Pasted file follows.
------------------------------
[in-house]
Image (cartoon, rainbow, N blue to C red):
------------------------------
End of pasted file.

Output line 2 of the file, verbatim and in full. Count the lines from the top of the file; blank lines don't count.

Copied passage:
Image (cartoon, rainbow, N blue to C red):